Fatherland and Freedom will present a bill to Parliament which, if passed, would establish a commission to assess damage inflicted by the Soviet Union and the Russian Federation between 1940 and 1994, the year of the last troop withdrawals from Latvia. A delegation would also be established to negotiate levels of compensation and methods of payment with a corresponding delegation which Russia would be asked to form.
But the main object of the bill is moral rather than financial, said Juris Sinka, Fatherland and Freedom MP.
"Damage done by Soviet rule now causes real difficulties and sadness. This is also an attempt to save Russia's soul," he said. "It would be great if we could bring them to the conference table."
Sinka expressed particular concern for the tens of thousands of Latvians deported to Siberia in the Soviet era and their families. Compensation money could be used to help returnees whose land has been settled by others and to help deportees and their families who are still living in the Krasnoyarsk region of Siberia and experiencing hardship, he said.
Among those who lost property Sinka highlighted the cause of Latvians deported from the Abrane region of Latvia before it was annexed to Russia in 1944 when it was renamed Pytalovo.
"It's reasonable to ask Russia to find a way of paying these people," said Sinka.
As the Soviet Union's successor Russia could also be asked to top up the pensions of those who worked during the Soviet era, said Sinka.
But Kristiana Libane, leader of Latvia's Way, was at the forefront of those questioning Fatherland and Freedom's initiative.
"Why wake up to this issue now? There have been extensive consultations with experts around the world over the last ten years and none have offered to help or said we are guaranteed to receive reparations," Libane said.
"Fatherland and Freedom should have asserted their moral viewpoint ten years ago. If this bill is passed, we'd ask a minister from their party to take responsibility for leading the delegation to Moscow."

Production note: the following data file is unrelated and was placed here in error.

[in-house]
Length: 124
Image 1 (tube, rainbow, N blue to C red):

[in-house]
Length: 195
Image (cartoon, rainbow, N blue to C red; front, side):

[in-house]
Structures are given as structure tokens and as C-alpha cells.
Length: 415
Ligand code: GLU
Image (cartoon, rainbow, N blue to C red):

Speaking on state radio Foreign Minister Indulis Berzins said the bill would damage relations with Russia.
"Our relations with Russia are already not at all simple," said Berzins.
"This would complicate them further."
Russia has reacted angrily to similar moves in Lithuania supported by the chairman of the Lithuanian parliament Vytautas Landsbergis.
The record of Latvian collaboration with the Soviet regime may undermine attempts to lay all the blame at Russia's door. But a Lithuanian government inter-departmental commission last week calculated the harm done by Soviet rule in Lithuania at 80 billion litas ($20 billion). Latvian damages could total 15.29 billion lats ($25 million), said Karlis Daukts, a lecturer in political science at the University of Latvia.
Sinka acknowledges that there is not now a great thirst for justice among Latvians.
"People are resigned," he said. "But if they could separate themselves from their everyday lives and needs, the vast army of pensioners who are very short of money would say 'yes'."
Dainis Vanags is the leader of the Commission for Assessment of the Crimes of Totalitarian Regimes, a Riga-based non-governmental organization that supports victims of both Nazi and Soviet occupation.
"The Latvian state currently supports returnees from Siberia. But Russia should be paying for the damage it did," Vanags said. "If Germany is paying money to support victims of the Nazis, then Russia should do the same."
Compensation should not only be for direct victims of the Soviet regime, Vanags believes.
"They damaged our economy, culture and language," he said. "People were imprisoned for celebrating traditional holidays. Anything connected to Latvia's pre-occupation independence such as symbols and colors was banned. Of course, it's difficult to say how much should be claimed for cultural damage and Russification of our language, but many books and paintings were taken from Latvia."
Gaining financial compensation could be an uphill task, Vanags acknowledges, but the process is important, he says "if only to show the world what Russia has done."
Like Sinka, Vanags emphasizes the symbolic importance of a compensation process to the Soviet Union's aging victims.
"We only need understanding from Russia. We shouldn't make ultimatums," he said.
"If those who suffered knew that what they lost would one day be restored to their children, that would be enough. It could take 10 or 20 years."